A pair of converted US military drones are NASA’s newest tools for tracking hurricanes and tropical storms, with the aim of improving forecasters’ ability to predict them.
Originally built for military reconnaissance missions around the world, they are the size of large commercial jets and are flown remotely from a Wallops Island, a NASA base on Virginia’s coast.
The drones are capable of flying for 30 hours at an altitude of 21,000m, or twice the height of a passenger plane.
The two Global Hawks began operating as drones for the US space agency last year as part of a three-year-long project called HS3 — which stands for the Hurricane and Severe Storm Sentinel.
“It opens a window into a storm we did not have before,” said Scott Braun, a research meteorologist on the project. “Before, we had short snap shots of individual storms at various times.”
Until now, the stand-bys for monitoring storms have been piloted weather planes and satellites, Braun said.
“By being able to view a storm continuously over a 20-hour period, you have a longer window to capture it,” he added. “This experiment will allow a better understanding of the processes that govern the intensification in the formation of storms.”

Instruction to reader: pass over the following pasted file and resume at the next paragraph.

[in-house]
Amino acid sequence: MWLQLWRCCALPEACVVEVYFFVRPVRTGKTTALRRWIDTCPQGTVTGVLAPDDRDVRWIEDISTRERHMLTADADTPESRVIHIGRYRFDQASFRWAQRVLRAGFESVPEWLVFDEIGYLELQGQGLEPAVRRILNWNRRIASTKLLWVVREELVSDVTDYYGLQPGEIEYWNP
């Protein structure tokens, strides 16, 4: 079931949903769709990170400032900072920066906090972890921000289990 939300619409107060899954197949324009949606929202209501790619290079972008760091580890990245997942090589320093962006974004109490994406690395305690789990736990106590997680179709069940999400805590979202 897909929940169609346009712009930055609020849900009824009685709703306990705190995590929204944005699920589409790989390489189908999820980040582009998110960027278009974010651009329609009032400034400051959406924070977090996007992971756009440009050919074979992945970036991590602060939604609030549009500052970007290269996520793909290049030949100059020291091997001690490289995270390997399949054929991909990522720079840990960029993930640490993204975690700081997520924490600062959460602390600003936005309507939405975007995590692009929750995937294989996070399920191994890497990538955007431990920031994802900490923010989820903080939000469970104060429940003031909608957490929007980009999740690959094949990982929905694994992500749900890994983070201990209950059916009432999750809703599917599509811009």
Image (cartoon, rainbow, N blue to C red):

Even though scientists have been able to make great leaps in projecting the paths of hurricanes in recent years, their ability to predict the power and severity of storms has improved very little.
Better forecasts would help authorities make life and death decisions, like whether and when to evacuate people, more swiftly.
The drones have two chief missions: determine the role of thunderstorms and rain in the intensification of storms, and study the influence of the Saharan Air Layer in the intensity of cyclones.
Each of the planes is equipped with a laser for studying the structure of the clouds, a microwave system to probe the heart of hurricanes, GPS systems and radar, among other things.
Their precision instruments measure temperature, humidity and atmospheric pressure several times per second. The drones send the data via satellite to the Wallops base and then to the US National Hurricane Center, where they can be distributed to weather forecasters across the US in near real-time.